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GHENT–The Town Board heard complaints last week about broadband availability. A real estate agent and resident of Westview Drive voiced her concerns, singling out local Internet and telephone service.

“It seems to me that instead of the Internet getting better in this area, it’s getting worse,” she said.

Many rural parts of Columbia County are not within the area reached by broadband Internet service. It has been such concern among rural residents and businesses that Congressman Chris Gibson (R-19th) organized a forum in August for the county’s leaders to learn about the issues and efforts to expand service to reach more residents.

The Westview Drive resident says the limited availability of broadband is a two-fold issue for her. Not only does it create obstacles to working from home on her computer, it limits her ability to sell property to potential customers. She says she gets customers who say they will only move into a place that has broadband.

She said she called her provider, FairPoint Communications, and was told that the company is not required to offer DSL Internet service–a type of broadband carried over cables–to residences more than 18,000 feet from a company substation. While her house is barely within the limit, she said there are houses that fall outside the rage, including one for sale.

FairPoint’s website, www.fairpoint.com, states that high-speed Internet connections through the DSL service are “only available to customers residing within approximately 3 miles (up to 18,000 feet) of their FairPoint Central Office.” It goes on to say that “we’re working hard to make FairPoint High Internet available to all our customers.”

Town Supervisor Larry Andrews said that other residents have come in before and voiced the same concerns. He said he has made several phone calls so far. “I don’t know what the answer is,” he said. “But we will continue to put pressure wherever we can.”

Board Member Richard Sardo said he’s made phone calls too, and he attended the forum in August organized by Congressman Gibson.

He suggested that the town invite other companies to the area and see what they can offer.

Another hurdle slowing the growth of broadband Internet in rural areas is that the distance between houses and the low population densities makes expanding access to the service unprofitable. A Ghent resident brought up that point at the meeting, lamenting that companies have rejected grants in the past that were intended to encourage broadband expansion. The resident cited the case of Mid-Hudson Cable, a cable TV and Internet service provider, which does not serve the Town of Ghent. Mid-Hudson rejected a $3.5-million grant in 2011 for that reason, according to blogger Sam Pratt in a post last year on his website, www.sampratt.com.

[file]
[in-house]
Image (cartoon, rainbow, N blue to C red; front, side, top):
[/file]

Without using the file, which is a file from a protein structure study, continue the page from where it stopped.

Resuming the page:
Mr. Andrews said he will look into starting a committee to research possible solutions to the broadband issue.

Also at the December 20 Town Board meeting:

The board was again urged during the public comment period to cite TCI of New York, Inc., for violations of town codes. Resident Mark Johnson brought attention to the documents put together by citizens group GhentCANN member Patti Matheney, which outline reasons why residents believe TCI violated the codes. The documents, which were distributed to both Planning Board and Town Board members earlier in the month, also contain highlights of a permit request by TCI to the Department of Environmental Conservation. That application, which apparently requests for permission to handle more PCBs, has been recently withdrawn by TCI.

TCI has submitted an application to the town to rebuild at the West Ghent site. That application is now being reviewed by the Planning Board and by the Town Engineer Ray Jurkowski, according to Town Attorney Ted Guterman. The Planning Board will likely be ready to ask questions of TCI at the January 2 Planning Board meeting.

Mr. Johnson says he will have many “numbers” of residents opposed to TCI’s plan ready to attend Town and Planning Board meetings “if that’s what it takes.”

Highway Superintendent Michael Losa said the he believes people are stealing town road signs to sell the aluminum and it is costing the town a lot of money and time to replace the signs. He says that many towns in the county are dealing with the same issue, so sign makers are backed up.

“When someone calls saying that their road sign is missing, it’s taking three to five weeks to get one,” he said. “We’re trying to keep up with it.”

He estimates towns are losing 20-30 signs a month.

*The board determined winners of a recent coloring contest. The town held the contest for children during its tree lighting event on December 2 at the Ghent Town Hall. The ages ranged from 3 to 12 years old. Of 20 participants, the board ruled there were 20 winners.

*Mr. Andrews said that anybody interested in serving on any committees for the town in the new year should contact with him.

 

 

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